Photographs are an excellent way of storing our memories. In the modern world, cameras come in plenty of varieties and at an affordable price. It is hard to think of a mobile device without a camera nowadays. However, some cameras stand out in terms of price and design. In this post, we look at the most expensive antique cameras of all time.

1. Leica 0-Series

The Leica 0-Series camera receives a lot of praise as one of the rarest camera models in history. It, therefore, comes as no surprise that it is the most expensive antique camera in the world. This particular model only had 25 releases in its line. This small number adds to its rarity. The 25 cameras came out in 1923 with Leica only looking to test the markets. In 2012, one of the Leica 0-Series went on auction at Westlicht for a €2,100,000 price tag.

2. Leica M3D-2 Black Paint

David Douglas was so good a photographer that Leica made this particular model of camera for him. David rose to fame while working for Life Magazine but even more so because of his war photographs in Vietnam. Additionally, his portraits of Pablo Picasso contributed to his reputation. This model that only had four releases came out in 1955. Again, at Westlicht in 2012, the camera went on auction and sold for €1,633,333.

3. Leica Luxus I

Leica dominates the world of antique cameras. In 1929, Leica released the Leica Luxus I. It had a lizard skin body with a gold plated touch. This particular model drew the interest of many admirers and in November of 2012, went on auction at Westlicht in Vienna. The bid that won that specific auction was €991,667. This price effectively made this item the third most expensive classic camera of all time.

The Kodak Moment

The history and evolution of the camera, from antique to vintage into classic styles, and then modern devices, would not have been possible without a particular company and it’s products. The Kodak company, founded by George Eastman in 1888, broke into the market with the creation of the photographic film roll, and the production and sale of their original camera ‘the Kodak,’ the first camera widely available to consumers.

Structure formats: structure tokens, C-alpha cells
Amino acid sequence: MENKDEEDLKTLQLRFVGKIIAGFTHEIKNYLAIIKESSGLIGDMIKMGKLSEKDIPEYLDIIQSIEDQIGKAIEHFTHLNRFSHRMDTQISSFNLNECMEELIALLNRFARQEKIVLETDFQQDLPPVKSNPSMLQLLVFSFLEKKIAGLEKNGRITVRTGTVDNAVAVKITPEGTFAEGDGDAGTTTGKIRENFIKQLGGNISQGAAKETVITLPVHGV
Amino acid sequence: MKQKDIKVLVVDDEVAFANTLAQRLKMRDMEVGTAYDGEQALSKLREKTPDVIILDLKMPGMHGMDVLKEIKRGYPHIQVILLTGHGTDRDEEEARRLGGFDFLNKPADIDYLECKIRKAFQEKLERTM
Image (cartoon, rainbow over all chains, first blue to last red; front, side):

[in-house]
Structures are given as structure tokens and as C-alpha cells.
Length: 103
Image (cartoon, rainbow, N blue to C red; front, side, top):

The Birth of Film

Their original film roll was made from a paper base with an image-bearing coating; then, in 1889, a transparent plastic film was added. Known as “celluloid” film, it was made from the highly flammable substance, nitrocellulose. This is now commonly referred to as “Nitrate” film and credited as the first roll film used for movies with sound. Almost ten years later, in 1908, an alternative was released by Kodak. Marketed as “safety film,” cellulose acetate had some significant benefits, including durability, greater transparency, and being more economical. Safety film was mostly used in home movies until it replaced nitrate 35mm film for theatrical purposes in 1951.

Kodak cleverly tailored their historic products to the general public, mass-producing inexpensive photographic film roll and box cameras and selling them at prices well below the market standard. This business strategy allowed them to maintain a considerable percentage of market sales well into the 70s, holding approximately 85% of camera sales and 90% of film sales in 1976, despite a long-standing rivalry with Fujifilm.

Slowly Shifting to Digital

The first handheld digital camera was developed in 1975 by Kodak; however, the product was abandoned, with the feeling that it would reduce sales for the companies main commodity, the film camera. Many companies released their own brand of the digital camera, and Kodak struggled to adjust to the digital world of photography until the early 2000s.

Top Five Best Vintage Cameras of All Time

Cameras have evolved over the years thanks to rapid growth in technology. With smartphones everywhere, many do not see the need to get traditional cameras, unless they are professional photographers. The other thing that will help you know when a photography enthusiast is in the vicinity is vintage cameras. Here are five that are among the best.

Leica Camera

This is a German-made camera that was developed around 1920. Leica cameras gained their first momentum in World War II and were the first small standard cameras that used the 33mm film. Given their small size, one needed to make sure they got a sharp focus to capture great images.

Hasselblad

Hasselblad company was initially a shipping operations company. Later, the company transitioned to the biggest Kodak film processor in Europe. It also became a major competitor in the camera business globally, especially with medium cameras.

Polaroid

Polaroid cameras were among the most popular cameras around in the 20th century. They were among the first cameras that enabled photographers to produce instant photos. The Land Camera 95 was the first-ever instant camera, produced by Polaroid in 1947. Aside from the instant cameras, Polaroid is the brand behind the SX-70, the most popular folding camera in the world.

Canon and Nikon

Still known as the most popular brands in the filming industry, Canon and Nikon have come a long way. They were initially the names behind high-quality single-lens reflex (SLR) film cameras. They later became famous for the digital single-lens reflex (DSLR) camera.

The Kodak

This was the first-ever camera produced to use film. It was George Eastman’s work of 1888. The camera came with 100 exposures of film, which had to be sent back to New York for processing. It became the first-ever camera available for consumers.

These cameras are rare to find, making them go for thousands of pounds during auctions.